Israel pulled off a vaccination campaign that no other country can match. Israel vaccinated almost 5 million people with a single Pfizer/BioNTech dose, and nearly 3.8 million had received both doses as of Monday morning. That’s a massive undertaking for a country with a population of around 9.3 million people. Israel aims to inoculate its entire adult population against COVID-19 by the end of April, something that appears entirely achievable given that vaccine makers have been ramping up manufacturing recently. Also, out of the entire population, only about 3 million were not initially eligible for the vaccine, including children and COVID-19 survivors.

Israel plans to use only one dose on people who recovered from an infection with the novel coronavirus. Prime Minister Benjamin Netanyahu announced on Monday that the country had been in contact with Pfizer, and the company will soon announce a new vaccine version for children. But Israel isn’t ready to follow the US Centers for Disease Control and Prevention’s (CDC) new face mask guidelines for vaccinated people, and it’s worth noting the country’s opposition to the rule considering how well Israel has done at fighting the pandemic.

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After a delay of a few days, the CDC announced new recommendations for vaccinated people. The agency explains in the updated documentation that fully vaccinated people can meet indoors with other fully vaccinated people without wearing a mask. Importantly, people are considered fully vaccinated two weeks after the second dose of vaccines like Pfizer and Moderna, or two weeks after the single-shot Johnson & Johnson vaccine.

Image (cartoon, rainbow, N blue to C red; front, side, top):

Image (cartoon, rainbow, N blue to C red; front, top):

The CDC also says that fully vaccinated people can gather with unvaccinated people from the same family indoors without wearing masks.

Fully vaccinated people are still advised to wear face masks in public and whenever congregating indoors with people from more than one household unless everyone present is fully vaccinated. They should also respect social distancing guidelines, avoid crowds, and avoid travel if possible. Fully vaccinated people should still seek COVID-19 testing if they think they’ve been exposed and isolate themselves from others in the event that an infection is suspected.

Coronavirus vaccines aren’t supposed to prevent transmission. The drugs prevent severe COVID-19 and death, as a massive study from Israel has shown. A different study also proved that the BioNTech vaccine works as intended, as only a small percentage of fully vaccinated people developed a more severe form of the virus.

According to the Times of Israel, the Israeli government has no plans to adopt guidelines similar to the US under the new CDC guidance, even though Israel’s vaccination campaign is more advanced than the US, as seen in the graph below.

Senior officials from the Health Ministry said that the country will not advocate for relaxed face mask guidelines for vaccinated people. According to the officials, there’s not enough information on whether vaccinated people can transmit the virus.

The Times report notes that face masks might become an issue in a few weeks when families meet to celebrate Passover. Channel 12 reported that the Health Ministry officials have started discussing whether to make it easier for families to gather at the end of the month.

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Chris Smith started writing about gadgets as a hobby, and before he knew it he was sharing his views on tech stuff with readers around the world. Whenever he's not writing about gadgets he miserably fails to stay away from them, although he desperately tries. But that's not necessarily a bad thing.